Our students were invited to attend an interaction between Ramon Magsaysay Award winner Bezwada Wilson and Former Chief Justice of India and Padma Vibhushan awardee M. N. Venkatachaliah on the topic: ‘Young India has a crucial role to play in re-instilling the dwindling faith of the society in the system and pride in itself.’ This was held at Jnana Jyoti Auditorium, Central College.
Bezwada Wilson is an Indian activist who was born in 1966 in the Kolar Gold Fields and is the youngest child of parents who belong to the manual scavenging community. His father and eldest brother both worked as manual scavengers. Bezwada graduated in Political Science from Dr. B.R. Ambedkar Open University, Hyderabad and began his fight to end manual scavenging in 1986. He has been nominated a Senior Fellow by the Ashoka Foundation and was also awarded the Ramon Magsaysay Award in July 2016.
This interaction gave our students insight into the significance of and challenges faced by the judiciary in a democratic setup. They also gained a unique perspective into the lives of people in the manual scavenging community.
Sahil Kuchlous, a Grade 10 Inventurer, who attended the event, had this to say,
It was very exciting to be attending the event, as it is not every day students are given an opportunity to interact with such esteemed guests. The discussion began with both guests introducing themselves and a brief view on the topic of the day, which was ‘Young India has a crucial role to play in re-instilling the dwindling faith of the society in the system and pride in itself.’ Mr. Wilson spoke about the importance of looking at education not just from the perspective of becoming something, but from the perspective of learning something new.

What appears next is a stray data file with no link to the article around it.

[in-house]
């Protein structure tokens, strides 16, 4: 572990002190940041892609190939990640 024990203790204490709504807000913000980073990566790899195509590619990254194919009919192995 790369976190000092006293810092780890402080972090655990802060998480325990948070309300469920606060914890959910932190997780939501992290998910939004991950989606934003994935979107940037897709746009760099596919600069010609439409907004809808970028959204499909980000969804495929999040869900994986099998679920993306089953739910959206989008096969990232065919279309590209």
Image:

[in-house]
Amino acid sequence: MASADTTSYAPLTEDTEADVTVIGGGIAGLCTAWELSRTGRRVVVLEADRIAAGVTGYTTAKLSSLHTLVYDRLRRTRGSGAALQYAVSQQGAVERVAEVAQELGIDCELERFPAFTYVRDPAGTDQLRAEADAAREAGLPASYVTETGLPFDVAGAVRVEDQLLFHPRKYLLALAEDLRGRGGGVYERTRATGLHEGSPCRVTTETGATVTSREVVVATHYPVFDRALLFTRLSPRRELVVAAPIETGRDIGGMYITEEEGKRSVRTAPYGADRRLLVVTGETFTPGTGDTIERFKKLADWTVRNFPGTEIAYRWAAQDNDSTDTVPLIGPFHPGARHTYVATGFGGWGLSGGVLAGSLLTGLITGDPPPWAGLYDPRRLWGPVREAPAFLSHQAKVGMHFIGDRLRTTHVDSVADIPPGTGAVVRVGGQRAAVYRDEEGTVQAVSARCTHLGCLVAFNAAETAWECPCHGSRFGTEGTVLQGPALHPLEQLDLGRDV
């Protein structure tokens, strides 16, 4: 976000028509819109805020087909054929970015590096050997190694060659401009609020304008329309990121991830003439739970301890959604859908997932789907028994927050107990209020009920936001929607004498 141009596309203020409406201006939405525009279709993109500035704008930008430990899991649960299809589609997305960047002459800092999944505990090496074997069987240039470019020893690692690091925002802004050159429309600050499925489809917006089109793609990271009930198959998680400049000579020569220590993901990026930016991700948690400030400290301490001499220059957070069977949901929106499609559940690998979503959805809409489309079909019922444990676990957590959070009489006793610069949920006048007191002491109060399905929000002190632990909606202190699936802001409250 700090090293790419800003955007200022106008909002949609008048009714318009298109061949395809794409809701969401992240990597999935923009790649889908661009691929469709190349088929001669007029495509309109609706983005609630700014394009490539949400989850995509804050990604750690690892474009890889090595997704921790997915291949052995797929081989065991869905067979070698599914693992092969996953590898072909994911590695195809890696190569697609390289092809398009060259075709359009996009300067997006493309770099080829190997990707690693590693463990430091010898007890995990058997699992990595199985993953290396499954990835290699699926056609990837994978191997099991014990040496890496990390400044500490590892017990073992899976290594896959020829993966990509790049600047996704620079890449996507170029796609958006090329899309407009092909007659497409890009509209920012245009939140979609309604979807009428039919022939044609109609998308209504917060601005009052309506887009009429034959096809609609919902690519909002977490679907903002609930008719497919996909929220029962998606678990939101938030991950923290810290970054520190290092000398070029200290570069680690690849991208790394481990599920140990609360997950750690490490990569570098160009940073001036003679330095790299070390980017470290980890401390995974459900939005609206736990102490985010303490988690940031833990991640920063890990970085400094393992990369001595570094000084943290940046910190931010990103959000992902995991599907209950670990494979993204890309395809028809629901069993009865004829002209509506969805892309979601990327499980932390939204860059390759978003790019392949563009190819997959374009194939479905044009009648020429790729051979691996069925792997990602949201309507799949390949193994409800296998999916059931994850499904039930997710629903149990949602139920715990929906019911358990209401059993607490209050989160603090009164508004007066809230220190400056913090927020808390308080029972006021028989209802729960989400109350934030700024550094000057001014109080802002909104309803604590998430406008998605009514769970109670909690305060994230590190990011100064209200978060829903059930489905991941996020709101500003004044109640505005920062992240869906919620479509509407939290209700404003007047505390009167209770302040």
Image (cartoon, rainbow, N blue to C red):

He also discussed why it is imperative for the youth to speak up when they see the many atrocities committed in our country, and to help ensure that they never happen again. With his wisdom earned over many years of hardships and experience, Mr. WIlson really helped open our eyes to the injustices that are constantly taking place around us. While Mr. Venkatachaliah spoke to us about the importance of the judiciary, and how and why the Indian judiciary has lost the respect of the people in the recent years. He helped us understand what really happens in our courts.
Further into the session, students were given an opportunity to ask questions, which were well received by the speakers and always answered in great detail. All of us left the interaction feeling like we had learned something new. It was great to speak to people who have been in the situations that many of us discuss every day, and the experience was truly inspiring.